Vaccination clinic in action as active Ontario food terminal COVID outbreak rises to 30 cases


A COVID-19 outbreak at the Ontario Food Terminal has increased to 30 workers as vendors continue to urge establishing vaccination clinics at the Etobicoke facility for front-line employees in the province.

The facility first reported an outbreak among workers on 5 April. Two weeks later, the case count reached 24 cases. And as of last Thursday, Toronto Public Health reported that the outbreak had spread to 30 workers.

According to Toronto Public Health, it is still considered active.

The outbreak spread among employees and vendors throughout the facility – despite the pleas to bring businesses to a vaccine clinic two weeks before the business – the largest distributor of fruits and vegetables in the country.

Steve Bumford, president of the terminal and the Toronto Whollers Produce Association, said the terminal requested a vaccine clinic in the middle of the province through April, but the facility was not eligible because its postal code was not in one of them. 114 provincially designated hot spots.

Many activists live in hot spots, Bamford said, but at that time the vaccine could not be registered, as most are under 50.

“A number of protocols have been placed here at the food terminal to protect everyone. But the safest way to deal with COVID is to vaccinate everyone, ”Bamford told the Star in April.

In a statement, the province said the Ministry of Agriculture, Food and Rural Affairs is now trying to set up a vaccine clinic in conjunction with the Ontario Food Terminal Board “as soon as supplies are allowed.”

A spokesman for the Solicitor-General’s office said the clinic is targeted to start in the second week of May.

Toronto Public Health recently issued a new rule that aims to slow the spread of COVID-19 in workplaces, opposing the closure of businesses with more than five cases in a two-week period.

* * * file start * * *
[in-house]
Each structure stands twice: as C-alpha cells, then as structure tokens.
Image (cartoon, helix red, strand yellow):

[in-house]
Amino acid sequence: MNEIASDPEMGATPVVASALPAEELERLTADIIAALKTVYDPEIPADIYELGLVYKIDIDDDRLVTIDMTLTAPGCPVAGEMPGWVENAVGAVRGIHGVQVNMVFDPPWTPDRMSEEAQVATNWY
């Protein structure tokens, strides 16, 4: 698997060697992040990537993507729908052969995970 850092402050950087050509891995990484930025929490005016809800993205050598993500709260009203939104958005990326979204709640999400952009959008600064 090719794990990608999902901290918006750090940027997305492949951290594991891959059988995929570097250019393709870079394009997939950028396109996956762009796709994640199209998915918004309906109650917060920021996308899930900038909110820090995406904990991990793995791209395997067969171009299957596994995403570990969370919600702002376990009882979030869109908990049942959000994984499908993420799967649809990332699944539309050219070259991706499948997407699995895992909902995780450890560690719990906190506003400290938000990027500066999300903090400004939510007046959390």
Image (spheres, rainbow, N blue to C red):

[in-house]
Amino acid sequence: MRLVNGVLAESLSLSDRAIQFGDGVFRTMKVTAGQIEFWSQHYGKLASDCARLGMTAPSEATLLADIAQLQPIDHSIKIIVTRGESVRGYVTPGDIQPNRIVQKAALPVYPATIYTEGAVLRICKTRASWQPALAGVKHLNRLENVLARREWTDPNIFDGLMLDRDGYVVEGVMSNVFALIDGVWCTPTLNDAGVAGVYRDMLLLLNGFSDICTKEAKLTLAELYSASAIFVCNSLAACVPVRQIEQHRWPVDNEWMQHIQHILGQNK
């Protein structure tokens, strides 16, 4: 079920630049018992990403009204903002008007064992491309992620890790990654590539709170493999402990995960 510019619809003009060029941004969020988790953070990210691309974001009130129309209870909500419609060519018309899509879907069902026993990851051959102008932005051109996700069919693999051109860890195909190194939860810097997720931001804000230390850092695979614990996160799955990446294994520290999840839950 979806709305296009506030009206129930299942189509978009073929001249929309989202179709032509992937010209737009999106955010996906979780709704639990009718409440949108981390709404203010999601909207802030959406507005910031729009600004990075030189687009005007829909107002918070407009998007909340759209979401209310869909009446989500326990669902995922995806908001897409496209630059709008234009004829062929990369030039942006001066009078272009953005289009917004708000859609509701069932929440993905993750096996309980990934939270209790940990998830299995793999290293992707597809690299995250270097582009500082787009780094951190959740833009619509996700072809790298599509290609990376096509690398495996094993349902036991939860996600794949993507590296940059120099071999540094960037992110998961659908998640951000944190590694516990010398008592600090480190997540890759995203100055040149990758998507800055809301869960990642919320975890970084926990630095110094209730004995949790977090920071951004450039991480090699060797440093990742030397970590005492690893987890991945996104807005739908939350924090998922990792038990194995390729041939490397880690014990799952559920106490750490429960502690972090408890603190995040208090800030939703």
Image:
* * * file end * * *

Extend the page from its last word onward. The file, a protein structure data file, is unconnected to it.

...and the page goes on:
But the order provides an exception to businesses deemed necessary for the province’s supply chain, allowing essential workers to work at several food processing and distribution centers.

In a statement, Toronto Public Health stated that the food terminal has been exempted from full supply, “the importance of this facility in the food supply.”

A spokesman for the city said, “It has been continued that operations in the public interest continue.” “We continue to work with the Ontario Food Terminal to ensure that all appropriate public health and outbreak measures are in place to prevent further virus spread.”

The terminal remains in place throughout the 24-hour, 365-day operation, producing for 5,000 businesses in Ontario alone, and many more in North America.

Larry Davidson, president of in-house vendor North American Produce Buyers, says the possibility of a vaccine clinic for workers is good news.

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He said the number of active cases related to the terminal are relatively low, as they are spread over 20 companies and more than 400 farmers.

“We are near the finish line in terms of getting these front-line workers vaccinated,” he said. “A lot of hard work has been done by the terminal and the owners to keep it as safe as possible in a very challenging environment.”

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